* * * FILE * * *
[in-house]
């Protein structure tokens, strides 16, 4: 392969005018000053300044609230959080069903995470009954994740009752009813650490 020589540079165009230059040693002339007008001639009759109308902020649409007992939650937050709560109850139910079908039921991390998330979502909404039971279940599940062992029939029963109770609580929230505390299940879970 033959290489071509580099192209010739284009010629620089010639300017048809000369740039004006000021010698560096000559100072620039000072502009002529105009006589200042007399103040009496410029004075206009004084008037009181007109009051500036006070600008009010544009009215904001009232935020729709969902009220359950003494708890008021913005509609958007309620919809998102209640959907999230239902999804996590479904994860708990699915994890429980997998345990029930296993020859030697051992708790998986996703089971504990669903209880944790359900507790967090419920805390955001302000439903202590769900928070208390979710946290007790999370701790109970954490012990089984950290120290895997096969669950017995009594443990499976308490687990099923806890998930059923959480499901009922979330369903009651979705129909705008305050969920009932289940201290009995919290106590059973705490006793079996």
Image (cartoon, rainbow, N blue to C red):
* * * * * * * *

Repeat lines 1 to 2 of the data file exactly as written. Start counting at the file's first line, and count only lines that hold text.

[in-house]
């Protein structure tokens, strides 16, 4: 392969005018000053300044609230959080069903995470009954994740009752009813650490 020589540079165009230059040693002339007008001639009759109308902020649409007992939650937050709560109850139910079908039921991390998330979502909404039971279940599940062992029939029963109770609580929230505390299940879970 033959290489071509580099192209010739284009010629620089010639300017048809000369740039004006000021010698560096000559100072620039000072502009002529105009006589200042007399103040009496410029004075206009004084008037009181007109009051500036006070600008009010544009009215904001009232935020729709969902009220359950003494708890008021913005509609958007309620919809998102209640959907999230239902999804996590479904994860708990699915994890429980997998345990029930296993020859030697051992708790998986996703089971504990669903209880944790359900507790967090419920805390955001302000439903202590769900928070208390979710946290007790999370701790109970954490012990089984950290120290895997096969669950017995009594443990499976308490687990099923806890998930059923959480499901009922979330369903009651979705129909705008305050969920009932289940201290009995919290106590059973705490006793079996």